Mainz’s controversial win over Cologne was another example of why VAR isn't working, and it's cost Cologne more points. The fans aren't happy and neither are the coaches, so why do we persevere?
Once again it’s video referees making dubious calls that change the course of the game, and once again Cologne are involved.
Just before kickoff, Mainz fans protested against the VAR project and the way it’s been implemented so far, and their criticism couldn’t have proved more accurate.
This time it was a penalty decision at the end of the first half. Referee Felix Brych pointed to the spot and the VAR in Cologne approved, even though replays showed clearly Pablo De Blasis dived.
The 71st minute brought another questionable decision as a brawl between Leonardo Bittencourt and Giulio Donati ended with a red card for the Mainz defender, without any help from VAR.
Once the replay started doing the rounds on social media, many at the Opel Arena couldn't believe VAR could fail in such a colossal way.
“Didn’t he ask the VAR for help? How can they not see it?” shouted one Cologne fan in disbelief, saying what most were thinking. “It just can’t be,” said another Mainz fan. The decision was met with confusion among fans at the ground, and the same could be said about Donati’s red card.
“It’s really bitter”
That feeling was epitomized by how both coaches reacted after the match. At a short, five-minute press conference, both coaches were only asked one question, and it was about those two decisions. Both said the exact same thing. Cologne coach Peter Stöger looked dejected after being asked about the outcome of yet another video refereeing decision that went against his team.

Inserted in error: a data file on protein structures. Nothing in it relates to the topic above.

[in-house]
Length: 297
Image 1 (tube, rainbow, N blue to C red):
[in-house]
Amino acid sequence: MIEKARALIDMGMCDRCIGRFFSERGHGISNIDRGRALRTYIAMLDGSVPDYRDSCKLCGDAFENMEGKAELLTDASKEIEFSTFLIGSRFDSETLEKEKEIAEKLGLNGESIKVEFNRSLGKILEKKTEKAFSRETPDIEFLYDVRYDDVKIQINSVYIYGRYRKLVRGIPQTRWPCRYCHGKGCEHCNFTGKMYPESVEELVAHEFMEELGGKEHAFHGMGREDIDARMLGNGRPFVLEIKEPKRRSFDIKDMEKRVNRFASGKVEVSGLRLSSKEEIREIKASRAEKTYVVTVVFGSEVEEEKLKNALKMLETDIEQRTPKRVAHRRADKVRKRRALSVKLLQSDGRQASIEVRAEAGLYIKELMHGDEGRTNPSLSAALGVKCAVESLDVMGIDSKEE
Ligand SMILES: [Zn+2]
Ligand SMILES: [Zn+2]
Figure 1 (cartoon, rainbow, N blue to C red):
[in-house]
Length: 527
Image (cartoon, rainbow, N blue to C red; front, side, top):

After five seconds of taking a long, deep breath, the Austrian said it was a “very bitter decision for us. Nothing to say apart from that.” His Mainz counterpart Sandro Schwarz agreed, and added that Donati’s red card should also get a mention.
Referee Brych may have admitted after the match that his decision was wrong, but it’s not very likely to change the general sentiment. Mainz vs Cologne will be another match to VAR-opponents' long list.
"They only care about people watching on TV!”
And those heading that list will be Germany’s match-going supporters. The technology is being met with contempt by the fans whenever it is implemented, regardless of the final decision or whose team it benefits. Matches are being halted for two to three minutes just for the officials to make up their minds, while the supporters must wait, left in the dark.
“There’s no balance between how the game is being experienced at the stadium and getting it right,” said one Mainz fan while stadium-goers were waiting for the final verdict to come from Cologne. Others shouted that the time it takes for the video officials to make a decision is "killing football… They only care about people watching on TV!”
And that feeling is part of a general sense of disenchantment among football fans across Germany at how German football’s governing body (the DFB) runs the game. VAR, in the eyes of many of the supporters that made the Bundesliga such an international attraction, is another step in the wrong direction.
Read more: DFB part ways with VAR project manager